By Nikhil Arora
One obviously reads how social media and technology have the power to breed beliefs only qualifiable as post-truth. Rare have been occasions when I have witnessed this phenomenon first hand.
The recent public outcry on deposits being "at risk" during a bank's liquidation -- due to the proposed Financial Resolution and Deposit Insurance (FRDI) Bill -- is astounding!
What started as an op-ed in a newspaper blandly-titled "Banking on legislation" -- published a full three months after the FRDI Bill was tabled -- vigorously picked up steam courtesy a dramatically-worded WhatsApp cover note which termed the bail-in clause as a "banking Armageddon amendment".
The sensationalist delivery has obviously worked, as one month later we have the Finance Minister of the country being forced to intervene and calm everyone's nerves. The political timing, on the other hand, should obviously give makers of "House of Cards" another reason to blush.
Coming back to the actual Bill, the only logical way to assess this issue is to see if depositors are going to be worse off with this document in the picture. Does the Bill dramatically change the status quo? And finally, does it change it for the better or for worse?
Deposits in the Indian banking system, much like the rest of the world, are treated as the most "senior" form of liability for a bank, and are hence supposed to take losses only after holdings of all the shareholders (i.e. holders of equity or regulatory capital); followed by all the creditors (i.e. who have extended wholesale funding to the bank) are wiped off during bad loan write-downs.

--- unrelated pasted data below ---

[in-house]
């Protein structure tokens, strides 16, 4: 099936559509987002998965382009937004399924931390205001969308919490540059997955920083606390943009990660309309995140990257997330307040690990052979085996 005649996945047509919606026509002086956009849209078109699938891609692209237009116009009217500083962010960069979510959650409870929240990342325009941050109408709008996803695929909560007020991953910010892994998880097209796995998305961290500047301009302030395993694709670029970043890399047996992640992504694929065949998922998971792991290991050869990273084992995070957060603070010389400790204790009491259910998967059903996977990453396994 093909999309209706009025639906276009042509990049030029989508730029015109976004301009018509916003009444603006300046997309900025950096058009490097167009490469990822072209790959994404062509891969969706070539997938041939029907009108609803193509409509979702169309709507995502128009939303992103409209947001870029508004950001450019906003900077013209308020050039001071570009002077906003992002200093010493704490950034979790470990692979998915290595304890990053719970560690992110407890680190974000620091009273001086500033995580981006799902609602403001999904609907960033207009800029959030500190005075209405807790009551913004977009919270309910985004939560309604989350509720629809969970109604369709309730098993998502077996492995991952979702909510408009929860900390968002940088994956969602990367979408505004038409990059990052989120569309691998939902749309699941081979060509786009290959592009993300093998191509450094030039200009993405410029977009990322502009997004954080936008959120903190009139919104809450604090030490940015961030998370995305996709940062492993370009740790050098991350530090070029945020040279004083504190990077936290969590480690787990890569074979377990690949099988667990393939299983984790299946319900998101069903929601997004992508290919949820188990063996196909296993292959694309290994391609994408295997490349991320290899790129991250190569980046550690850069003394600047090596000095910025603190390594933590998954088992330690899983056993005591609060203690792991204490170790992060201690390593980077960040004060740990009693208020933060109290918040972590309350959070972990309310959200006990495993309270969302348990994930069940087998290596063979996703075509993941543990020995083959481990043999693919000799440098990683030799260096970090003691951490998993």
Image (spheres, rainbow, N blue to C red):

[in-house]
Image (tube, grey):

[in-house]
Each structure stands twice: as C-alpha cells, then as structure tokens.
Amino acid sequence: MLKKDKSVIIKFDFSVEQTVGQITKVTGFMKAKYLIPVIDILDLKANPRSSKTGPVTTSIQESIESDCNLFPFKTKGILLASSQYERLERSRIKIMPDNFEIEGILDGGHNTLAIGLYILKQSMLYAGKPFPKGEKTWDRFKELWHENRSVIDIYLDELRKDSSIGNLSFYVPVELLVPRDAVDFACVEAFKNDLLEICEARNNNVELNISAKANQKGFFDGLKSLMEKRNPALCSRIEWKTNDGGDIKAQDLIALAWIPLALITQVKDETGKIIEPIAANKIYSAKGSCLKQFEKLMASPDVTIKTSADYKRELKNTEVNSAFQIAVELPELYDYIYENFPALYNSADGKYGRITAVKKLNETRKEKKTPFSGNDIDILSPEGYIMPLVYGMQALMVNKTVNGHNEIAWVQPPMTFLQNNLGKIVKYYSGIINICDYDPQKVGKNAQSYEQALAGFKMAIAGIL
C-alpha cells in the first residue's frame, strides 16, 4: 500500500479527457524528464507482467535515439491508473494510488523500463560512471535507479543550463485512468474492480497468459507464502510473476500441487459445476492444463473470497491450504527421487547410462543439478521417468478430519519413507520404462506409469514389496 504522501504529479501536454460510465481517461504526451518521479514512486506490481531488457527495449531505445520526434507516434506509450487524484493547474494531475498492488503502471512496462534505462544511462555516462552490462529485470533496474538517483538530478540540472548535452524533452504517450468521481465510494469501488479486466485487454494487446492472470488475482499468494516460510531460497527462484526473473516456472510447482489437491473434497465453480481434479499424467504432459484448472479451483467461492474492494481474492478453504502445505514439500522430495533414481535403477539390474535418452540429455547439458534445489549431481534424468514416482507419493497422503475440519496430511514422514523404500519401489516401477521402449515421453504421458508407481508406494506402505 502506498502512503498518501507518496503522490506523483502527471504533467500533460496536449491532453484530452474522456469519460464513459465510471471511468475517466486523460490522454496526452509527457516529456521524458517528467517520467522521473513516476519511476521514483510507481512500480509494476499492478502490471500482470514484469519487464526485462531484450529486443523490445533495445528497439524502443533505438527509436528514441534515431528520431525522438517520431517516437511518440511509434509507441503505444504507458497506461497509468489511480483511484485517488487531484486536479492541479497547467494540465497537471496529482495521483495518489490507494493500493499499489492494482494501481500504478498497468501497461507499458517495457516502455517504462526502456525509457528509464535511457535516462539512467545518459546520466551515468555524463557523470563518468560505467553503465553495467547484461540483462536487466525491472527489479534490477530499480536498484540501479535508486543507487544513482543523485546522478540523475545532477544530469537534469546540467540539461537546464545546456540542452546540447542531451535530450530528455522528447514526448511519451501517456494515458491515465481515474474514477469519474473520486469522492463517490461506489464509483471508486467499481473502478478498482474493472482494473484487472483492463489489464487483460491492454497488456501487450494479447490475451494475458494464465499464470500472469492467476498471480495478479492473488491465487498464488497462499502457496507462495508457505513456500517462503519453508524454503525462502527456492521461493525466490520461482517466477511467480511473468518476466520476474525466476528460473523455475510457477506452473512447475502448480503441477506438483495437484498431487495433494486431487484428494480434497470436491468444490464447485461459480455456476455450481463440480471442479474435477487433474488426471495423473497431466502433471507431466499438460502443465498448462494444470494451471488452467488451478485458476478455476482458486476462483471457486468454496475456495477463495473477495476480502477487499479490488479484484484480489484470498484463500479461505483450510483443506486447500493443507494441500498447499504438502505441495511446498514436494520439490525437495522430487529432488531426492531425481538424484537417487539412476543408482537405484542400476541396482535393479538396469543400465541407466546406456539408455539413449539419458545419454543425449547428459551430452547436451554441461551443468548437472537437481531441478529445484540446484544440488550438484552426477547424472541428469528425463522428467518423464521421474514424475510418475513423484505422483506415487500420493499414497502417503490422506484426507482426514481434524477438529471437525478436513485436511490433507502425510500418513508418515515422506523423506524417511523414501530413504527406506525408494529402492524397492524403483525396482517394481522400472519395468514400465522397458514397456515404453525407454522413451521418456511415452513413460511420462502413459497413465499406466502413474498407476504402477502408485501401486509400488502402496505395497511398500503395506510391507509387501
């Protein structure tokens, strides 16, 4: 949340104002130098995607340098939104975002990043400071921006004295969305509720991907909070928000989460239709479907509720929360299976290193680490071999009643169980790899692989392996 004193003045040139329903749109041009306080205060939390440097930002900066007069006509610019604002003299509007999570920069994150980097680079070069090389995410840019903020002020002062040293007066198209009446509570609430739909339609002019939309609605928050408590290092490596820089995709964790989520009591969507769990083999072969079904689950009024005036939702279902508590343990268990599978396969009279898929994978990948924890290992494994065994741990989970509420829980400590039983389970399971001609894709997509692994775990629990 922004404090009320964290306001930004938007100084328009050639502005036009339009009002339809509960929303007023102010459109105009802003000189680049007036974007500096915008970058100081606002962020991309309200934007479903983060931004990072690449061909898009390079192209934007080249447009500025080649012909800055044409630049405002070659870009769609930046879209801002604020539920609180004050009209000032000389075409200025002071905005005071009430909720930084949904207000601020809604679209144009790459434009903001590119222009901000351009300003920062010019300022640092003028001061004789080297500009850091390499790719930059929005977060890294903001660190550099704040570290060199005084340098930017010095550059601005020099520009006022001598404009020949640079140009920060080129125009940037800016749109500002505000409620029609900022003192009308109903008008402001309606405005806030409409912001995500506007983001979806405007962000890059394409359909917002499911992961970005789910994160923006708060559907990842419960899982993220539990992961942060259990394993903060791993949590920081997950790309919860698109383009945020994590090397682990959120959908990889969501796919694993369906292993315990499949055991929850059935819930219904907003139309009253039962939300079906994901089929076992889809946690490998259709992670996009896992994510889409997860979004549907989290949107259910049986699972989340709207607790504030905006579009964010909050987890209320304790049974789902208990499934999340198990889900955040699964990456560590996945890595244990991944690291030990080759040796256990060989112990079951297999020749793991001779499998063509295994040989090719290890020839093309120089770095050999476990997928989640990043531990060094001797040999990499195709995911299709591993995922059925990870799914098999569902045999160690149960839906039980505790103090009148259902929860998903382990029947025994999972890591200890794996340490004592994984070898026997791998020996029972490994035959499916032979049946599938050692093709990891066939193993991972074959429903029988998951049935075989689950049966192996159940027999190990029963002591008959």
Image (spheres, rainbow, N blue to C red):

Therefore, savers have at the least two layers of protection before their assets are hit. Moreover, deposits amounting to a not-so-royal amount of Rs 1 lakh are mandatorily "protected" through "Deposit Insurance", even if the rest can theoretically suffer losses.
The marginal quanta of insured deposits, though inadequate and worrying, is a different debate altogether. In practical terms, the Reserve Bank of India (RBI), being the prudent institution that it is, would intervene much before any bank's capital (which is the top layer of protection for depositors) becomes dramatically low.
Now to the WhatsApp storm of November 17: Let's see what is so different about the FRDI Bill? Not much. All the Bill does is to formalise the process which already existed. Insured deposits will still be mandatorily protected. The cap of Rs 1 lakh has been suggested to be replaced by a flexible mechanism, where the insured sum is fixed by a newly-envisaged Resolution Corporation. In any case, a revision was long due as a protection of Rs 1 lakh did not make much sense in 1993 when it was introduced, leave alone now. And yes, this process now has a name, i.e. "bail-in", which, its taboo-like reputation aside, is a standard term used in international precedents.
One can obviously debate and push for better protection of depositors through a wider insurance net -- but it is factually incorrect to allege that people's savings will come under an increased threat courtesy the introduction of the FRDI Bill.
The Bill is, in fact, a positive move, considering for the first time it sets in motion a separate mechanism for depositors' resolution when a contingency arises. What was part of the commercial model of banks is now being institutionalised and formally regulated.
All regulations aside, deposit holders have faced and will always face a certain level of risk, but that is how the banking system works. The key is to ensure a robust system of ownership, accountability and redressal.
Rest of the narrative is plain hyperbole.